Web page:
Why ‘Isle of Dogs’ Is Wes Anderson’s Best Doggone Movie To Date
Photo: Fox Searchlight Pictures
Welp, he’s done it again. Wes Anderson has somehow convinced us that there are still original movies left to be made. And while each of his films has its own personal charm, this one has a little bite of each to it, making Isle of Dogs his best movie to date. And still, it’s very relevant to today.
For those of us who live for the crass commentary of Rushmore and The Royal Tenenbaums, or those of you who appreciate the grand landscapes of The Darjeeling Limited, The Grand Budapest Hotel or The Life Aquatic, there’s a bit of both to this instant canine classic. And then there’s those of you (me) who will watch Fantastic Mr. Fox on repeat until your (my) eyes fall out, not to mention the other classic Wes Anderson staples we know and love.
The futuristic tale of a doggy flu-infested Asian dystopian where pups are quarantined on a trash island (also known in real life as floating ocean gyres) embodies the camaraderie, wit, dry humor, unique setting, fantastic stop-motion and top-notch casting that Anderson has consistently shown us over the last two decades. If you were looking for a charming tale with a bit of originality to it, you may want to find a select showing of Isle of Dogs now. It’d be a doggone shame if you didn’t.
With Bryan Cranston, Scarlett Johansson, Ed Norton, Bill Murray (Isle of Dogs being their eighth time together), Frances McDormand and Jeff Goldblum on board (just to name a few), how could you go wrong? Are you foaming at the mouth yet? Well, you damn well should.
The Stop-Motion of "Fantastic Mr. Fox" (Only Better)
While it's been nearly a decade, Wes Anderson's stop-motion animation of Fantastic Mr. Fox is still some of my favorite, and you can tell Isle of Dogs is taking it up a few notches. In addition, Bryan Cranston will replace George Clooney as lead animal with a comforting, soothing voice.
The Comforting Sounds of "Rushmore"
Speaking of comforting voices, the charming sounds of Bill Murray will grace the big screen, in addition to Ed Norton, Bryan Cranston, Scarlett Johansson and Tilda Swinton.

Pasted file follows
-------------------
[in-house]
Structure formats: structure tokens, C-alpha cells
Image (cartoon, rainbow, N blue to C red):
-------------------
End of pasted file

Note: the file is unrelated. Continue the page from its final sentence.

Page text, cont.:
The Close Camaraderie of "The Darjeeling Limited"
If there's one thing Wes Anderson has nailed, it's casting. Even in voice-over animation he can make the cast feel like one of his live-action movies. While The Darjeeling Limited offered up one of the best brotherly adventures, Isle of Dogs brings together discarded dogs living on a heap of trash with a mission to help a boy find his dog. Talk about canine camaraderie!
The Incredibly Dry Humor of "The Life Aquatic With Steve"
Dark humor is probably Anderson's chief way to convey the frustrating plights of his main characters, and you'll get plenty of it from these pooches. Maybe not as much as Bill Murray as captain of a ship being robbed blindfolded by pirates, but still pretty close.
The Imaginative Setting of "The Grand Budapest Hotel"
By far one of the most wonderfully conjured-up settings for a live-action movie, The Grand Budapest Hotel was Anderson's last movie, which was awarded great attention for its set design and costumes. Isle of Dogs takes place on a floating trash pile in the middle of the ocean, which I think most marine biologists would agree is a fantastic setting for any movie.
The Childlike Nostalgia of "Moonrise Kingdom"
While Moonrise Kingdom perfectly encapsulated young love amongst adolescents, Isle of Dogs brings home the classic tale of a boy looking for his lost dog. There will likely be dancing at some point as well, just as Fantastic Mr. Fox finished.
The Cleverly Constructed Dialogue of "The Royal Tenenbaums"
While The Tenenbaums were, by far, the most dysfunctional family we've met, they're also the proud owners of some of the most seasoned of lexicons. Isle of Dogs will likely be depressing at times (nobody likes to see dogs mistreated), but in the end, there isn't likely to be nearly as many suicide attempts as there are crass jokes. So that's good news.
A Bigger Budget Than "Bottle Rocket"
Anderson's first film was much enjoyed for such a small budget of $7 million with two Wilson brothers attached. Isle of Dogs has a smidgen more, albeit probably didn't require too much more considering the $40 million budget of Fantastic Mr. Fox. Don't be surprised if this is the best animated dog movie you've seen since Homeward Bound: The Incredible Journey. They really nailed the detail on that Golden Retriever!
Did We Mention Bill Would Be There?
Even though he was reportedly asleep at the premiere, he's there. You should find some solace in that alone. If that doesn't do it for you, there's also a little Frances McDormand and Jeff Goldblum to keep your ears warm.